The Annual Work Plan

The Annual Work Plan: The Organization’s Road Map for the Year

We are in the middle of the first month of the new calendar year, and during the last few weeks a number of my client’s have been talking to me about the things they want to accomplish during 2011. They are enthusiastic about the challenges they face and about the services they want to provide to their members and clients.

One of the first questions I ask is, “Can I see your annual work plan?” Of course most of the time I receive a quizzical look from the person I am speaking to and then the statement, “What annual work plan.” Many non-profit organizations know what they are doing and they know how to do it. However, it is important to articulate the specific things the organization hopes to accomplish over the coming 12 month period.

Of course the questions raised are why it is important and to whom is it important. By developing an annual work plan the agency is stating what it hopes to accomplish during the year. It is not relying on its present services or good name to continue along the same path. It is demonstrating to a number of groups that thought is given to what services it is providing to the community and how it is providing those services.

There are both internal and external implications of having a work plan in place to guide the organization during the year. Internally, the work plan represents the confluence of the thinking of the board of directors and the staff of the organization. It demonstrates that thought has been given to what the agency hopes to accomplish, and it has the backing of the volunteer leadership as well as the professional staff.

During the course of the year, both groups use the work plan as a point of reference for how the agency is accomplishing the goals it established for itself. The specific goals can refer to the number of programs developed; the number of clients who received services; the geographic areas served by the agency; and any number of other milestones the organizations decides to establish for the year. The annual goals are not limited to the agency’s provision of services and can also refer to the organization’s internal development.

An integral part of an annual plan can be the further development of the board of directors and how it functions. Goals can be established that refer to the types of people who are represented on the board; how often the board meets; how many functioning committees there are and how often they meet; and other aspects of the governance functions of the organization. Parallel to these types of issues there are also fundraising goals that can be set and targets for increasing the financial resources of the non-profit.

The annual work plan not only provides direction to the agency internally but it also makes a statement to various groups and individuals in the community. It might be appropriate to have a local newspaper conduct an interview with the director and/or the chair of the board discussing the annual plan for the agency and how it hopes to serve the community. Increasing the public’s awareness of the organization and the services it provides can only strengthen the non-profit’s standing in the community.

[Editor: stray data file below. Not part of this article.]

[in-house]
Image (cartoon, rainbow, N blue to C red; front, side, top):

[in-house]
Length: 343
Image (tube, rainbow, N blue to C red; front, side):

When approaching potential sources of funding it creates a positive impression to not only share a long range or strategic plan but also to be able to send an annual plan for developing the agency. It demonstrates how the board of directors and staff are continually working to clarify the agency’s goals and how they are based in an understanding of the best way to meet the community’s needs. The document communicates a sense of clarity about how the agency translates its mission and vision into its ongoing operations.

It is not enough to write the work plan, print it and share it with the interested parties. The work plan becomes a guide for the organization’s functioning during the year. Several times over the course of the year there should be a review of the plan by the staff and a report to the board of directors. The goals that were met should be identified. At the same time those goals that were not met should be analyzed. It adds to the agency’s credibility and transparency to be able to account for that which was not accomplished. The challenge is then to understand the reasons for not being able to complete the plan.

There are times when not completing the plan may be due to the fact that it was too ambitious and it was too much of a reach to accomplish everything. There are other times when it is because the organization’s priorities were not in the correct order to fulfill all its goals. If during one of the board or staff discussions it becomes apparent that the plan was too ambitious then it can be adjusted and more appropriate goals can be set so the organization does not become too frustrated by its inability to accomplish everything.

The successful fulfillment of the annual work plan has the potential to strengthen the agency when volunteer leaders and professional staff members have a sense of accomplishment. This happens when the goals that have been set are successfully achieved. The fulfillment of the plan will enable the organization to reach a little further the next year and to accomplish more. However, if there is no plan in place then it is difficult to have a way of measuring achievements for the organization, for the community and for supporters.

If your organization has an annual work plan then use it as a guide and strive to accomplish your goals. If your organization does not have a plan it is not too late to develop one for 2011.

Stephen G. Donshik, D.S.W., is a lecturer at Hebrew University’s International Leadership and Philanthropy Program and has a consulting firm focused on strengthening non-profit organizations and their leadership for tomorrow. Stephen is a regular contributor to eJewish Philanthropy.

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